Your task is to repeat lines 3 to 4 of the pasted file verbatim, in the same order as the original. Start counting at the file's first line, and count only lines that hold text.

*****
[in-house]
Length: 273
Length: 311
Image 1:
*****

Length: 311
Image 1: